For me, it isn’t even about the paranoia.
Sure, that’s a part of it, but mostly it’s because my memory sucks.
Like most of us, I have more online accounts than I have fingers and toes, and they all require a login name and password. For security reasons, these passwords should all be different, but to my shame (and even through my information security classes) I did my level best to keep them all the same. I just couldn’t remember 20+ different passwords. Worse, I failed. Each site had different requirements for login and password security, which meant that I was juggling five to six password variants: neither secure nor memorable.
LastPass solves all those problems.
The program, which is a cloud storage system linked to your computer through a browser plug-in or mobile app, encrypts and decrypts all information on your device before it is sent to the server side. This means that LastPass never has any of plaintext information, so even if their systems were compromised, your data is still safe, so long as your master password (The Last Password You’ll Ever Need, as they say) remains sufficiently complex.
I’ve been a LastPass user for three months, but just picked up the mobile app last week. I had some concerns about it, like “what if I lose my phone?” would my LastPass vault be available to whoever finds it? Or steals it? Also, how much would I actually use it? I don’t do a lot of shopping or other password requiring tasks on my phone. And finally, the Smartphone app requires a “premium” LastPass membership which costs a whopping $12 a year! Not much, but it seems like a lot compared to the sea of free or $0.99 apps out there.
I now have a new personal record for “amount I paid for an app.” I bought two years for $24 bucks, figuring “hey, even if the app sucks… the company rocks and deserves my monetary support.”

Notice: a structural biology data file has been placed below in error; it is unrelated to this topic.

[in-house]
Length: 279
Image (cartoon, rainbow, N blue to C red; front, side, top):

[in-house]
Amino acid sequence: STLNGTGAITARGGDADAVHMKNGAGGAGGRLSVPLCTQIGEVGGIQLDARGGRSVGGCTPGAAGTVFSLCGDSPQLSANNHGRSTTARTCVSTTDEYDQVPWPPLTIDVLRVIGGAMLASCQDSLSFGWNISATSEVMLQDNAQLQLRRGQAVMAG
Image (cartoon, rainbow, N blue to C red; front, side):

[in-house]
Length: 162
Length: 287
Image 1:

So, does the app suck? No. Is it the best thing since sliced bread? Also “no.”
Basically, the LastPass app is simply a lightweight web-browser with the functionality of the LastPass Safari plug-in. Now this does work, I was just hoping for a fuller integration with the other password using applications. After doing some research, I realize that this is “very difficult” (much like cold fusion) due to Apple’s hardware security model and unnecessary (more later), so I can’t really give them too much guff for that. The one thing that could be improved, however, is the instructions. Having some for instance, would be really nice.
After a few days of experimentation, I found that there was indeed a setting to “Logoff on close.” The problem is that this only works when you “close” the app through the app manager (like you do when something crashes). A better option is the Log-off when Idle, which logs you out of your LastPass vault after 15 minutes.
If you are really worried about the passwords held by your phone’s apps, or the data on your phone, there are better solutions. Apple’s iPhone for instance, can be set with a strong unlock code–and to “brick” itself if the code is entered incorrectly ten times in a row (recoverable by the owner with an iTunes backup) and similar systems are available for Android, Symbian, Windows Mobile and Blackberry offerings. Where LastPass mobile really shines, in my opinion, is in the world of mobile websites.
I actually use the LastPass app a LOT. Not to check my email or twitter, but to check my bank balance or MyUW account. Or to access my library accounts, particularly the SPL one–where I download OverDrive audiobooks to my phone a good deal (see next week’s posts for more info on that).
As mobile websites grow in power and use, their security will become more and more important, and services like LastPass will become more central to our mobile experiences.
Hopefully a more secure and less confusing experience.